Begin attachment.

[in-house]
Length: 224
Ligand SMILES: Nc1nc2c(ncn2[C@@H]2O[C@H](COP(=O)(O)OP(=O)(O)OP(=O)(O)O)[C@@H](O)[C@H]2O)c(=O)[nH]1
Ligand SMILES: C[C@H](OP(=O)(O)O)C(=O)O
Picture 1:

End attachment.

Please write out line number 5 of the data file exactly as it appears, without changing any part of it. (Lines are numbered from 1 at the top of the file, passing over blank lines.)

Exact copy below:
Picture 1: